So, when a load is applied, the electrical draw will cause the rotor/stator part of the generator to slow down/drag a bit (as well as heat up), and as the rotor is directly connected to the engine, the braking effect makes the engine slow down. This drop in speed is detected by the governor, which moves the throttle open a bit more (burning more fuel) and getting the speed back closer to 3,600.

It's all analog/mechanical, and thus subject to some variation. This is why the designers try and calibrate everything to provide a sweet spot of voltage, frequency, and amperage that suitable for the expected loads.

[email protected]
Caveat: I work for Honda, but the preceding is my opinion alone.
 

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Discussion Starter #16
To Robert and aandpdan

Gentlemen, the combined force of your words is irresistible!!!! Your powerful marshalling of the facts has bludgeoned me into the following confession:

YES, yes, I acknowledge that the amount of fuel consumed by even the traditional generator (maintaining a constant 3600 rpm) varies with the electrical load placed upon it!! It's obvious that you both are speaking from too much direct knowledge and experience for me to continue to question that fact, EVEN THOUGH UNTIL NOW IT HAS SEEMED HIGHLY IMPLAUSIBLE!!

So, in accepting this truth, I am forced to carefully reexamine my admittedly unsophisticated understanding of electricity and its sometimes strange ways. And I have had to abandon some assumptions about what is and is not possible. So after some thought I want to offer two possible scenarios as to how the changing current feeds back to the generator to alter its function--just the kind of feedback I thought was out of the question until today.

Let's take the simplest possible situation, where the generator is operating at full capacity, with a wide-open throttle, using the maximum fuel to produce the maximum electricity, all of which is being utilized by Device X that is hooked up to it. Now we lower the power of Device X, reducing the current flow. We have reached the crucial moment: exactly what happens, physically, to the electricity at this instant that causes the generator to reduce the amount of fuel being consumed while maintaining 3600 rpm???????

Scenario A (This seems the less likely of the two to me): When we turn down the power of Device X, we are increasing the resistance to the current flow, and (I speculate) the portion of the electricity produced by the generator that encounters this resistance actually flows BACK to the generator. In arriving back at the generator it acts as it would when entering any other device--it exerts a force, and in this case the force slightly speeds up the rate of rotation. At this moment the governor that you two have discussed in your posts kicks in to counteract this speed up by reducing the fuel to the generator, etc. I doubt this scenario simply because I've never heard or read any account of electrons behaving in this way (i.e.flowing backwards).

Scenario B: In this version, when we turn down the power of Device X, increase the resistance, and lessen the current flow that Device X is demanding, the generator instantly stops applying a force to those electrons that no longer have the opportunity to be part of the current. Because the generator has stopped dissipating its momentum on these electrons, it retains some velocity and moves slightly faster than before. And, of course, the governor steps in to counteract this speed-up by reducing the fuel supply, etc. I must admit this scenario, though more likely than the first, makes me a little uneasy, because it's a bit surprising to me that the generator would only energize electrons that have the opportunity to flow as a current. This was the sticking point for me when I questioned the feedback.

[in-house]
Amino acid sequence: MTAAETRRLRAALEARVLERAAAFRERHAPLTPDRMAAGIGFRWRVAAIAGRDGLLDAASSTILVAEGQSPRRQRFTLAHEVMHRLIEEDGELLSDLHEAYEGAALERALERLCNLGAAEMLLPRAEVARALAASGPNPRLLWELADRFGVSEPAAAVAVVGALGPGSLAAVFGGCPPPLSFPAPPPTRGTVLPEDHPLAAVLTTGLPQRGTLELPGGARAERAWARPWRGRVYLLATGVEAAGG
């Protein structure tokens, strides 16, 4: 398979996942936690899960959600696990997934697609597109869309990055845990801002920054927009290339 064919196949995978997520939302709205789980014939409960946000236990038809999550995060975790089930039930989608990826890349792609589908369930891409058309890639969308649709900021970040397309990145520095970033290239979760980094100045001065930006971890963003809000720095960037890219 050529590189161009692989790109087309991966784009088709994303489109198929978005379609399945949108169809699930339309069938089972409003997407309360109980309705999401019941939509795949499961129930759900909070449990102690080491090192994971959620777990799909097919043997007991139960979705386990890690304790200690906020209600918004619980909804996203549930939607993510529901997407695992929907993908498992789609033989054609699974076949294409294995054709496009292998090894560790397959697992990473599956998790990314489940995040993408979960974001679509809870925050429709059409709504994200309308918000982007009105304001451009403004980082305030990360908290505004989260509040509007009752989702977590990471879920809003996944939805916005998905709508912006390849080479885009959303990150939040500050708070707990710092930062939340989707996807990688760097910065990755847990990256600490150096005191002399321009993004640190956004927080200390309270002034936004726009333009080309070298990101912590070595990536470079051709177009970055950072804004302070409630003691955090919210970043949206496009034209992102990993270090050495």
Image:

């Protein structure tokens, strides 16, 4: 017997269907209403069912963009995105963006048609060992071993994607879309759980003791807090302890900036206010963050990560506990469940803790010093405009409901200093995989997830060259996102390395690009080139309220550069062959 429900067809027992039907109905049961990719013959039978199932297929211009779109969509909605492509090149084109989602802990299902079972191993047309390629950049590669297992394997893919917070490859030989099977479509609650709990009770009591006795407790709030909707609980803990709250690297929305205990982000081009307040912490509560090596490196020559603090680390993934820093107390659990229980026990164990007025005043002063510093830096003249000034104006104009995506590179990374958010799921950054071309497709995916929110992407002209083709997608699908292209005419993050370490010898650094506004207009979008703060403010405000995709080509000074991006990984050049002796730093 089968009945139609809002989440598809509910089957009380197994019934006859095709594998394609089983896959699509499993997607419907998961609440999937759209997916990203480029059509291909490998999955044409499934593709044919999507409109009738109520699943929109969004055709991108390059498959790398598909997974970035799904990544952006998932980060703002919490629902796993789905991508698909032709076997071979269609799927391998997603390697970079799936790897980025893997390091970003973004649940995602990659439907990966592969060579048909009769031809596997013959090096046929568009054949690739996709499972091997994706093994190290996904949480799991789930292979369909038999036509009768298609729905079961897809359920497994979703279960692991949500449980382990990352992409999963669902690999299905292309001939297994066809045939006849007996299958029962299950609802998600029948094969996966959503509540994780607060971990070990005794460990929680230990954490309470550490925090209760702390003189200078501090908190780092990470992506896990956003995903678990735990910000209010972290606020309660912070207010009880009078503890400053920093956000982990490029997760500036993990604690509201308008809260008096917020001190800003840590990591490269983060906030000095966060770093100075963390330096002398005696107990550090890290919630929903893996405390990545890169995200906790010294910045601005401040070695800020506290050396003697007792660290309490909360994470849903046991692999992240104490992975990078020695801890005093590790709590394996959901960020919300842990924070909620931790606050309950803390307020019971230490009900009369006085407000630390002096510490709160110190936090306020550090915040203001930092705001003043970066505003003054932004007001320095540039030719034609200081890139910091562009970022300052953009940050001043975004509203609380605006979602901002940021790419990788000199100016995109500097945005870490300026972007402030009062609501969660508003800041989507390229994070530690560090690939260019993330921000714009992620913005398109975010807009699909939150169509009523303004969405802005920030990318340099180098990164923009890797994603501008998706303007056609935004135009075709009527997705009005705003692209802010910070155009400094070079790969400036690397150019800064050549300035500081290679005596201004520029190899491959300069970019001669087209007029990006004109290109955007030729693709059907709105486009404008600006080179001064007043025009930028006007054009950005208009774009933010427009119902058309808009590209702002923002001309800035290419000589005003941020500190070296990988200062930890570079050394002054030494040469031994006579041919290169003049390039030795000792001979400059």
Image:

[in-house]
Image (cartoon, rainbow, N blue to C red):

Speaking of feedback, Robert and aandpdan, I eagerly await yours regarding my two scenarios. Does either strike you as the likely explanation, do you have a third I haven't thought of? I welcome any critique you see fit to offer.(And of course anyone else out there who has anything to say, I welcome your comments as well.)
 

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Graviton,

Voltage is the amount of "push" behind the electrons. Current is the "flow." The generator is always "pushing" (energize electrons) but without a circuit there is no flow.

When the power requirement drops, the engine is able to turn easier. The engine governor will begin to close the throttle slightly to maintain the correct rpm (usually 3600 rpm). Your scenario B.

Say for example you open the circuit. The electrons stop flowing, the engine RPM will increase, the governor will the close the throttle reducing fuel flow.

Now, put the max load on the generator, say a resistance heater. The electrons will rush through the circuit. As they go through the heater they face increased resistance and produce heat. As the load increases the generator works harder and the throttle opens further to compensate.
 

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Discussion Starter #18
Hi aandpdan,

This is perhaps a small point but your saying that the generator continues to energize the electrons (in applying voltage) seems to completely defeat the whole point of the argument. If the generator continues to transfer energy from itself to the electrons then there would be no reason that the generator's rotation would speed up, and thus no reason for the governor to cut back on its fuel in order to reduce the rotation rate back to 3600 rpm.
 

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Hi graviton,

Voltage is potential.

The electrons being "energized" in a complete circuit move from an area of greater electrons to an area of lesser electrons, nature likes things balanced. However, only a few electrons can at a time can get through a wire, whether it be the windings in a motor or the filament in light bulb. As the electrons move, it takes energy to "push" them along. The resistance to them moving in most cases is wasted energy - heat.